Thursday, April 24, 2014
By Matt Hongoltz-Hetling email@example.com
OAKLAND -- A 40-year veteran police officer made some seventh- and eighth-grade girls cry at Messalonskee Middle School Thursday.
School Resource Officer Dusty Woodside, seated, was surprised by 75 seventh and eighth grade students at Messalonskee Middle School in Oakland who sang Valentine's Day songs in honor of his many years involved in schools. Woodside is retiring this summer. Behind Woodside are co-Chorus Directors Pamela and Kevin Rhein.
Staff photo by David Leaming
At a surprise event honoring School Resource Officer Harold Woodside, several students teared up, saddened at the thought that he will be gone from the school after a planned June retirement.
"They told me to come into the chorus room because a kid was acting up," said Woodside, 65, a member of the Oakland Police Department.
Instead, the 75 students in the school's chorus surprised Woodside by shouting, using his nickname, "We love you, Officer Dusty," singing him songs and telling him about the effect he has had on their lives.
Woodside, eyes bright behind his glasses, looked like a clean-shaven Santa Claus with a military haircut as he sat and was serenaded by the pupils, who sang "Everyday Hero" and "Instrument of Peace."
Individual students then took turns at the front of the chorus room and read prepared statements to Woodside.
Woodside's niece, 13-year-old Aspen Bedard, told "Uncle Dusty" that he is "a great man who deserves a rest."
"He fought in the Vietnam War. He goes to schools when violence is occurring. He stands outside in the middle of the roads," she said. "I'll miss the guy who makes me smile 24/7 and laugh every day."
Other students said Woodside raised their spirits by consistently greeting them, asking them how they were doing, and caring about their answers.
A few students said they appreciated that he directs traffic every day, in all kinds of weather, to help keep them safe.
"I try to treat them with dignity and respect, always," Woodside said. "They're great kids, all of them."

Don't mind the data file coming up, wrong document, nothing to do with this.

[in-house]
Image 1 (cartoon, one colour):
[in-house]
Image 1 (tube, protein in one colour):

Choral co-directors Kevin and Pam Rhein, who initiated the event on the children's behalf, said Woodside socializes with students constantly, which helps him to calm a situation before it gets out of hand.
"He doesn't just sit in an office," Kevin Rhein said. "When he's needed, everyone has a sense of relief when they see him."
Woodside, who received a Purple Heart as an M-60 machine gunner during his service in Vietnam with the U.S. Marine Corps, earned his associate's degree in criminal justice from the University of Maine at Augusta.
Woodside was also the first Waterville city employee to be picked for an Employee of the Year award from the city. He was a Waterville police officer for 27 years, including five years as a school resource officer there, before switching to the Oakland-based position at Messalonskee in 2000.
Woodside has been involved in a couple of high-profile cases over the years, including a 2009 incident in which he successfully apprehended, without incident, a 14-year-old boy who brought a gun to school.
In 2002, he arrested a fugitive New York City drug dealer who had led police on an hour-long foot chase through the streets of Waterville.
In 2004, he was named the Law Officer of the Year at the state convention of the Maine American Legion, after being nominated by American Legion Veterans Memorial Post 205 on Eastern Avenue in Augusta.
Safa Saleh, 13, said she learned a lot from Woodside during drug prevention classes, which he has been teaching at area schools since 1990.
In 2007, Woodside was named Officer of the Year by the Maine Drug Awareness Resistance Education Officers' Association.
"He's an icon," said Messalonskee High School Principal Jon Moody, who attended the event. "Even at the high school, everyone, I mean everyone, knows Officer Dusty."
Oakland police Capt. Rick Stubbert, one of a few officers in attendance, said it will be difficult to replace Woodside, whose natural ability to connect with students was a great asset to his job.
"Our best plan right now is to convince him not to retire," he said.
Matt Hongoltz-Hetling -- 861-9287